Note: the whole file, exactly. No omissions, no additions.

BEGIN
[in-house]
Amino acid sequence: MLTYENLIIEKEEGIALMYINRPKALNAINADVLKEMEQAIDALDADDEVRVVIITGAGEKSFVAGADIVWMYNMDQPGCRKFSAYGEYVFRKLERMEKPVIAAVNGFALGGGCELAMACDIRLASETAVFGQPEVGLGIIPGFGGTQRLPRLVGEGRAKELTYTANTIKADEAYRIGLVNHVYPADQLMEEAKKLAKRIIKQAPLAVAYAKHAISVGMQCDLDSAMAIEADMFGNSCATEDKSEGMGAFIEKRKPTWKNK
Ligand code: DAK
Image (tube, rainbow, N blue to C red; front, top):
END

[in-house]
Amino acid sequence: MLTYENLIIEKEEGIALMYINRPKALNAINADVLKEMEQAIDALDADDEVRVVIITGAGEKSFVAGADIVWMYNMDQPGCRKFSAYGEYVFRKLERMEKPVIAAVNGFALGGGCELAMACDIRLASETAVFGQPEVGLGIIPGFGGTQRLPRLVGEGRAKELTYTANTIKADEAYRIGLVNHVYPADQLMEEAKKLAKRIIKQAPLAVAYAKHAISVGMQCDLDSAMAIEADMFGNSCATEDKSEGMGAFIEKRKPTWKNK
Ligand code: DAK
Image (tube, rainbow, N blue to C red; front, top):